* Posts by Astara

35 posts • joined 6 Jul 2016

Sun billionaire Khosla discovers life's a beach after US Supreme Court refuses to hear him out


Re: racists gonna race

Unless Brahman's are a separate race in India, it's not racist so much as "castist", as he speaks out against his presumption of caste privilege in a country that does not recognize it.

Desktop Telegram users showing off not only their silly selfies but also their IP addresses


its a matter of trimming the low hanging fruit

if you were running on windows, or from your own source build, it is likely you could monitor incoming and outgoing communications to see the IP address of another party in P2P communications. If you are running that app in an unrooted phone, then it might be more difficult to download a traffic monitor to let you monitor endpoints of p2p communication. Even so, having the app store the remote-endpoint in a local log makes it all too easy to see the remote IP, which is the main security flaw. Given enough resources, of course, someone has to know the remote IP whether you go P2P or through the server. It really becomes matter of how easy it is to use in a short amount of time -- as is true for most security options, quantum ones aside.

Softbank's 'Pepper' robot is a security joke


And how did security researchers sell their services to inventor before hand?

The security researchers are a bunch of idiots. They claim any toy needs to NOT be vulnerable to various security hacks. Baloney! The toy is not meant to be used in a hostile environment or hooked up to an outside internet. End of discussion.

Until you prove it is designed to be a network attached security product, you are an idiot if you believe that security was considered as part of coming up with a new idea. You can't saddle every toy or object ever invented with the baggage of psychopaths our culture nurtures, encourage and reward with stock options and company titles.

In most capitalistic based cultures, getting rich by turning others into human assets (or capital) and having them managed as human resources is the way businesses operate.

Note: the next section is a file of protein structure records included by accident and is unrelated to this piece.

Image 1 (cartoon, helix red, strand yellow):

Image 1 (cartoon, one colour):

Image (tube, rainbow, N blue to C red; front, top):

The internet and early computers were developed by idealistic, forward looking pioneers who fully thought there inventions were going to be used in a futuristic start-trek type world where money is obsolete and people no longer work at jobs because they need money but for self-actualization. Does anyone remember the star-trekNG episode where the hibernating/frozen capitalist awoke and found all his capital investments and projects were worthless because the idea of collecting and possessing more and more capital was obsolete? The idea of acquiring more capital so as to be able to dominate and control more people was obsolete.

Security is what you get when your ideals get jaded and you get ripped off. Eventually you get paranoid enough to think of anyone with more power is a threat that must be neutralized -- then you are ready for a position in national security.

*You can't expect creativity to flow in an atmosphere of fear*

If you focus on security, don't expect them to come up with novel new inventions other than new ways to be more secure.

None of these statements mean that we shouldn't spend on security and defense -- but doing so takes more than equivalent share out of the ability of the society to be creative and productive. Criticizing inventors for not being security experts will only suppress more invention. The research need to work alot more on social skills and how to add security than making pronouncements in public about how bad some new invention or product is because the security expert was able to find 100 new exploits. Isn't that a surprise -- the security expert could find 100 exploits (while inventing nothing) while the inventor creates 100 new products (all w/o security).

Looking at it another way -- how many security experts come up with novel products unlike anything before that have nothing to do with security? Why would they expect inventors to come up with pre-secured inventions? The security types need to work with interpersonal relationship types to find ways to get their information and services to the inventor types in a way that the inventors will want to incorporate such ideas.

Like any of that is likely to happen as long as a culture is only focused on cost & making the most money.


problem is not IoT, it's no "home (as in private) networks".

Not every toy was designed to be an internet protected appliance.

Use it at home on a closed network.

All my home devices are on a closed network and would have to, at least, go out through a proxy, so please stop portraying every network-capable device as a disaster. People need to start having 'home networks' with the same basic expectations as a home bedroom or bathroom -- something that isn't automatically connected to every hacker on the internet.

Rather that try to raise expenses and force security on every home device like toilets, toasters, refrigerators, etc... you need to focus on people having a 'home space' that includes a closed home network.

Former Apple engineer fights iPhone giant for patent credit and denied cash, says Steve Jobs loved his 'killer ideas'


Re: How should patents work?